On the other hand, another embodiment of this invention may comprise two concentric rings 300 and 310 which may be driven at the same or at relatively different speeds (see FIG. 13 The rolls 350 and 360 may be keyed to the same shaft and driven from a common drive such as shown in FIG. 12 or the rolls 350 and 360 may be independently driven from separate drive motors (not shown). In this case the V-shaped supporting rollers 350 and 360, respectively, of each ring 300 and 310 have different configurations than those shown in FIG. 12, but the two points of contact of each roller 350 and 360 with its corresponding ring must correspond to the geometry shown and described in FIG. 2 above. Namely, the flanges 351 and 352 of the roller 350 must have its points 353 and 354 of contact with ring 300 lie on the straight line 355, while the flanges 361 and 362 of the roller 360 have a different straight line 365 through its points 363 and 364 of contact with the ring 310, but both straight lines 355 and 365 meet at a common point 367 at the intersection of the center line 366 of both the rollers on the common center line 301 of the rings 300 and 310. In this case, if the rollers 350 and 360 are mounted together and driven at the same speed, the rings 300 and 310 will be driven at different angular speeds. Thus if the rollers 350 and 360 are separately driven at different speeds, then the rings 300 and 310 may be driven either at the same or different angular speeds depending upon the geometry of the points of contact and the center lines of the rollers and rings.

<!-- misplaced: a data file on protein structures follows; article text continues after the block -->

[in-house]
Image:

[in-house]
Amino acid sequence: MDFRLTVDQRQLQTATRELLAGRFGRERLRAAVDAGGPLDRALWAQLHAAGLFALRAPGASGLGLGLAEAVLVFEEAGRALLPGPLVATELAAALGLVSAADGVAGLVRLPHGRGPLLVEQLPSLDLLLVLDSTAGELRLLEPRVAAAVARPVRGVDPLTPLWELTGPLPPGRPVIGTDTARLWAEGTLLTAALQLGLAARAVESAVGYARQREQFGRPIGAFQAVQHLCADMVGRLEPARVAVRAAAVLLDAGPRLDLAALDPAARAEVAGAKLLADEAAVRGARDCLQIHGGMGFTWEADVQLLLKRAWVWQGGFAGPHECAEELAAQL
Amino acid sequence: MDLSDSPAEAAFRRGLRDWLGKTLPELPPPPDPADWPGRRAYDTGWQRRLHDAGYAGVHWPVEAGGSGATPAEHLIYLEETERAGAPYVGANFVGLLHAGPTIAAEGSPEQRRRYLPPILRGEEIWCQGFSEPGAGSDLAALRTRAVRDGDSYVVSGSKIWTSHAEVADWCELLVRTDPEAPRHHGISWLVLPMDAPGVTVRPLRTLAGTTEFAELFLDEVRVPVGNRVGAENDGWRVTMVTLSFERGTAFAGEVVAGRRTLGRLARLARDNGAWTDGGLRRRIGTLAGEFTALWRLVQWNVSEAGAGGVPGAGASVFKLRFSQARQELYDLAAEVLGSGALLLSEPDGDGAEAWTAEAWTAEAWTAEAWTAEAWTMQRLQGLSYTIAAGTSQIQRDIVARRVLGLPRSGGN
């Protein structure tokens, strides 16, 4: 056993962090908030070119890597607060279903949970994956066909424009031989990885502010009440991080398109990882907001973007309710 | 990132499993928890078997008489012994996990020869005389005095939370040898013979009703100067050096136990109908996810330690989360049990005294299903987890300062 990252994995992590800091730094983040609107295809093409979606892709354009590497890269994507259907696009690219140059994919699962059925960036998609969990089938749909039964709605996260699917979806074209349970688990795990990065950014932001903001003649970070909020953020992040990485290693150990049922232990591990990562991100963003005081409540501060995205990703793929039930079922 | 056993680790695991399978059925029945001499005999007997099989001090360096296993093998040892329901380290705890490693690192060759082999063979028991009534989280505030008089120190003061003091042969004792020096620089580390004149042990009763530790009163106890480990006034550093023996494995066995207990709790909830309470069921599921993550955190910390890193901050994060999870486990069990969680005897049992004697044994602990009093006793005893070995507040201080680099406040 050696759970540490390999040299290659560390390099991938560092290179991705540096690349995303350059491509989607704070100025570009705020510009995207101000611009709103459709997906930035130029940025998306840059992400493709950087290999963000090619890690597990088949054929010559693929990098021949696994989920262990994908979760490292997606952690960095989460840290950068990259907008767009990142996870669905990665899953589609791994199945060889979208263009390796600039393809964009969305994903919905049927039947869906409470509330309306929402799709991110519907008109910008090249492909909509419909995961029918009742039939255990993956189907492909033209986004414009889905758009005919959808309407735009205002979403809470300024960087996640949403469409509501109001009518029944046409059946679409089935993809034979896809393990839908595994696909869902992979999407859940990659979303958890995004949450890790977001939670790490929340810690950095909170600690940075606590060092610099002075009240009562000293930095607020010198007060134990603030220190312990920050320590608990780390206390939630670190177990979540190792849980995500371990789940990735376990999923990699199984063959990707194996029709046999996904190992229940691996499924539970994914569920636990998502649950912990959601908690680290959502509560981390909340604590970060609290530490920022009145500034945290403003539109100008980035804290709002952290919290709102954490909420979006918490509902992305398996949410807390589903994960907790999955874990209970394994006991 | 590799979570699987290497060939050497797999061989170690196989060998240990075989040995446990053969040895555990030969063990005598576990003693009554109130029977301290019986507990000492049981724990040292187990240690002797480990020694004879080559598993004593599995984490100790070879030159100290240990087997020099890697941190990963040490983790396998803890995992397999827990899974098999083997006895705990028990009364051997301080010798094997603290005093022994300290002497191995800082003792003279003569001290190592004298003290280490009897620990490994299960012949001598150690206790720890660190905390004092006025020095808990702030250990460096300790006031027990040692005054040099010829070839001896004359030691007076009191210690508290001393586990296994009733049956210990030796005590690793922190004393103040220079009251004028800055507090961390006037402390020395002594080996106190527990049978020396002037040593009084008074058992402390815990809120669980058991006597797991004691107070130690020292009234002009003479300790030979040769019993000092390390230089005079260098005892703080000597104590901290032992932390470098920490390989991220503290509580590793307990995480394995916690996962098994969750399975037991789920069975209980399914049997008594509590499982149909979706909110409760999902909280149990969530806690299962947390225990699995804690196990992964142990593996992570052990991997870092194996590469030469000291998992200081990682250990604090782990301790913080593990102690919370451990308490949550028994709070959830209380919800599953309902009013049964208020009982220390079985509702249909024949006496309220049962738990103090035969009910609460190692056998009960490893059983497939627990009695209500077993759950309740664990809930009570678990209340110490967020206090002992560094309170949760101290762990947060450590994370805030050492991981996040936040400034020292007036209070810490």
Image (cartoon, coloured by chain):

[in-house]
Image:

Accordingly any inner ring may be rotated faster, slower or at the same angular speed as it's neighbor and may or may not be keyed to a common drive shaft.
' driving means for said one roller for Furthermore there may be provided on any one of the rings 100, 200, or 210, 300, or 310 of this invention an outwardly extending flange which may act as a shoe against which a fixed disk or caliper-type brake clamp may engage, such as the flange 206 and brake 208 shown for the ring 200 in FIG. 14, to insure accurate stopping of the ring at a desired location.
It is to be understood that one or more of the different features disclosed in the different embodiments of this invention may be adapted to another embodiment without departing from the scope of this invention, and that more rings than two may be provided, and that the diameter of the rings can be extended within any physical or practical limits. Furthermore it is to be understood that more than three roller assemblies may be provided for supporting the rings.
l. A ring rotatable about its axis comprising at least three angularly spaced roller means for supporting said ring, at least one of which rollers has a pair of spaced converging conically surfaced flanges which surfaces contact said ring at two points radially spaced with respect to the center of said ring and through which points a straight line intersects the axis of said one roller means on said axis of rotation of said ring.